This is the second of a series of posts about forgiveness. The first post in the series is here.
Forgiveness is not easy or simple. Oh, we forgive people many times every day for minor offenses, but the greater the offense, the more serious the wound, the deeper the pain we feel, and the more difficult to forgive. It can take years to forgive serious wrongs, as a person goes through the stages of grief and the steps of healing.
I know this by experience, as I worked through the pain of being rejected by my Mom and other members of my family. I was motivated to forgive because I understood the damage of unforgiveness, and I wanted to walk closely with Christ without bitterness and anger getting in the way. From the very beginning of my family’s rejection, before I truly understood what was going on, I prayed not only that God would work in their life to change them, but I prayed that He’d work in my life and change me, that He would reveal to me anything that I was doing wrong, and that He’d help me to forgive. Even praying this, the process of forgiveness was difficult and painful. However, I learned some very important things along the way.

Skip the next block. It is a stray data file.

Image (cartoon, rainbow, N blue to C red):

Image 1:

I found very little help as I struggled to forgive. I believe that few really understand what is involved in forgiveness. In a previous post, I wrote about Opposite Truths–about needing to hold on to two seemingly opposite truths at the same time. If we hold on to one truth at the exclusion of the other, we fall into error. I believe the issue of forgiveness also involves Opposite Truths, and that Christians tend to error in their understanding of forgiveness by going to one extreme or the other. The truth is that we must hold on to both opposites at the same time. I’ve know both pastors and laypeople who have verbally beat people up over their failures, condemning them for not measuring up, and stressing that they need to try harder to do better not to fail God–so people despair of ever being loved by God. Others teach that it doesn’t matter what a person does, God loves and forgives them no matter what with no need for repentance or change. It seems to me that it’s not just an individual thing, but the extremes also happen generationally, so one generation is too condemning, and the next generation or two reacts by going too far the other way and becomes too tolerant toward sin.
I’d like to write, in the next few posts, about the opposite truths of forgiveness.